Smug tweaking, shrinking cataloguers, and the corridor of uncertainty: CILIP Cataloguing & Indexing Group conference 2012

Although I am sure others will blog about #CIG12 in a more indepth manner*  I just wanted to express my delight about the excellent conference that took place earlier this week in Sheffield.  Two days packed full of thought provoking presentations, 25 speakers and just over 100 attendees; at times my brain was hurting, and I felt weighed down with concern about the things I didn’t know but really should; whilst at other moments I felt proud to be a cataloguer, and inspired to tackle new things.

There were four themed sessions spread out over the two days; Working with new standards, Working co-operatively, New challenges for cataloguers; and Developing working practices.  RDA, as to be expected, was a key issue to be talked about.  Celine Carty brought us updates from the ALA conference, and managed to succinctly condense 5 days into one talk.  It was extremely useful hearing about the view from across the pond, and she also gave us a great handout of links too!

There was quite a contrast between this conference and the last CIG conference in 2010 with

Keen attendees ready & waiting

attitudes to RDA, from what I can remember of two years ago, most people in the room weren’t really sure about how they would be tackling RDA, and were waiting for guidance from someone else.  This time round a good 50% of the audience were actively preparing for RDA, were devising training sessions for their staff (or looking for online material they could use), or were very aware of what work they had to do.  I also don’t think that anyone in the room was thinking of it as ‘Retirement Day Approaching’.  Celine Carty passed on some take home messages; things like “its now when not if” and “evolution not revolution”, she also commented that actually it can be quite good not to be the trailblazers.  While the rules are still being refined, and problems still being ironed out, its quite nice to be able to learn from what is happening in the US.  Stuart Hunt also gave us some food for thought in his session on ‘Implementing RDA in your ILS’, and pointed out that as well as us cataloguers having to get our heads round RDA, that we also had a lot of communication work to do – we need to talk to system vendors, and record supply agencies, colleagues who work on the front line and those who are library management.  We also need to consider whether our systems are ready for RDA, there are new fields, will they display or be indexed, will there be problems loading data into the system etc etc.  Anne Welsh & Katharine White also reminded us that there is always change, and we already have hybrid systems.  We need to accept that there never was a better time to embrace RDA, although we should question everything; and that standards, materials, and even students are always evolving.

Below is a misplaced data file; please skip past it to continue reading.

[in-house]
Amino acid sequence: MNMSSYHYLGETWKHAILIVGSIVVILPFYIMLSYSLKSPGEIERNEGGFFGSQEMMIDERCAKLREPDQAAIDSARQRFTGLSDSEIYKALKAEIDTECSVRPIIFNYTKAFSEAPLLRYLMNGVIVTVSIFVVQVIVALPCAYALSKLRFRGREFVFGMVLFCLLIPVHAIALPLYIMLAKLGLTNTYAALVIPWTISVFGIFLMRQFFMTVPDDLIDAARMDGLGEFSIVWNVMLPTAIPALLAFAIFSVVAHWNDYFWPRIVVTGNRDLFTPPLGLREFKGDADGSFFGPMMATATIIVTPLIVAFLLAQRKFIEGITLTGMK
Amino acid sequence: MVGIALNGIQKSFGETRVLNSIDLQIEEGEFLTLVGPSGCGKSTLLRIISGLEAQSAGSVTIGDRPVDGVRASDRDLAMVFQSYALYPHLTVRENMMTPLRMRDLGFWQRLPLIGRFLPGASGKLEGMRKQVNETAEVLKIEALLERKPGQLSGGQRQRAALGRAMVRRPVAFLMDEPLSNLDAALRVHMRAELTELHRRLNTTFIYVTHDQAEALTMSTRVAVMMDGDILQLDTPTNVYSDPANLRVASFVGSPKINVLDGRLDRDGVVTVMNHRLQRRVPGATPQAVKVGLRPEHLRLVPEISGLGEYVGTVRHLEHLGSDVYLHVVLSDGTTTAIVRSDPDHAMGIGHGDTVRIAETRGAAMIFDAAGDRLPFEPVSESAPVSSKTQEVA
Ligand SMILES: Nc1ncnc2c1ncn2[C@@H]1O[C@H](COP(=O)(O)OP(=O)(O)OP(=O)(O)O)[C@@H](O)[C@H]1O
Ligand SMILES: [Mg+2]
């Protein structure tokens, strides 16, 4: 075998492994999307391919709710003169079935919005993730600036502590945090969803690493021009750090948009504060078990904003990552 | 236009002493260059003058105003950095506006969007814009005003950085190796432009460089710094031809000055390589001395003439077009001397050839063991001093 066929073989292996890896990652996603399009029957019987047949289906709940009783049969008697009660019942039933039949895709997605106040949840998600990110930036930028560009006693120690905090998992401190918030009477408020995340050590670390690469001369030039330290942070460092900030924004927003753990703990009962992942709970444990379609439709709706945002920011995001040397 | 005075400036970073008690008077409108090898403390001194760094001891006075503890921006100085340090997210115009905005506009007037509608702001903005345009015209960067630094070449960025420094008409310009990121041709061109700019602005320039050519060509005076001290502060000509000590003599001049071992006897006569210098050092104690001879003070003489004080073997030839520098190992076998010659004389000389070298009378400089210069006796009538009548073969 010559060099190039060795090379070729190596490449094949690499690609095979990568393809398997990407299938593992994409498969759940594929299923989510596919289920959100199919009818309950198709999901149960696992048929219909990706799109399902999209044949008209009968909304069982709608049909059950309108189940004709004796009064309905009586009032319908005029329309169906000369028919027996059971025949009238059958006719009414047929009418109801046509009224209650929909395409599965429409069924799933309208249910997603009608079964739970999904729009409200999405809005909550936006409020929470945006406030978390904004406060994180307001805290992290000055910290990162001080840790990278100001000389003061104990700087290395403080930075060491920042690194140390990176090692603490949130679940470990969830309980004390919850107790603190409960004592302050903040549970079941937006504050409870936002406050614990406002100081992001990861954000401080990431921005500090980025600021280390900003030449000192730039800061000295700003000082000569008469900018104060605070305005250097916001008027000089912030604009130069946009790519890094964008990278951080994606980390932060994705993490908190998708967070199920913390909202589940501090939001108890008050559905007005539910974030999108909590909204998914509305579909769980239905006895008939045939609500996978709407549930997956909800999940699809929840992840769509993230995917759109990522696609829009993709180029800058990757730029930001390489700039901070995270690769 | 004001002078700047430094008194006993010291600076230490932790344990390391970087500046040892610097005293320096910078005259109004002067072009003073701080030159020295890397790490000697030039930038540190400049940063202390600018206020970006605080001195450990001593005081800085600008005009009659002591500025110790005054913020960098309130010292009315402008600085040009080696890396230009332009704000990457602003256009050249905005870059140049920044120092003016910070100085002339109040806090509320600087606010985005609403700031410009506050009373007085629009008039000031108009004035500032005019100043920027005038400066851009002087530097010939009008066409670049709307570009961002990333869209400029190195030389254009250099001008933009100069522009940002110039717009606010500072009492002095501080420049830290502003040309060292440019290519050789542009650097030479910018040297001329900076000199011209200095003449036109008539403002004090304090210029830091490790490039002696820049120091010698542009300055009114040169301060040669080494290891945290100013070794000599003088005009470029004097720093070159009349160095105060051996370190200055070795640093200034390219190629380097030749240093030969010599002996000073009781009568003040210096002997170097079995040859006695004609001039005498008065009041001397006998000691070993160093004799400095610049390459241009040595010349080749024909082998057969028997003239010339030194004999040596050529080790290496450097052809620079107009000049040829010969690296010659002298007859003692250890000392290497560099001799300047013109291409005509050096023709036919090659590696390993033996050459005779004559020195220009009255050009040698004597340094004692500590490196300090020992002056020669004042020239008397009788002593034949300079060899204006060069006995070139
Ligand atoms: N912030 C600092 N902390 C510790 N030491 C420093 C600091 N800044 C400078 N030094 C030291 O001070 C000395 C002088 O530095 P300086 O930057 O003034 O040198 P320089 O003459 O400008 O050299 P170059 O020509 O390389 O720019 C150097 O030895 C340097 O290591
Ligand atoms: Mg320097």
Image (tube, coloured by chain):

Conference venue – Halifax Hall

Although RDA was casting a big shadow over us, there were plenty of other topics to discuss too.  Deborah Lee introduced the idea of the proposed UK NACO funnel, a project to collaborate on creating authority files.  Traditionally a funnel is managed by one person which is a huge commitment, and there can be delay in training new members to join; this current project however is aiming for a cascade of training  and aims to get as many participants acting independently as soon as possible with a critical mass of people who are happy to train others.  It will be a great professional development opportunity for anyone who gets involved.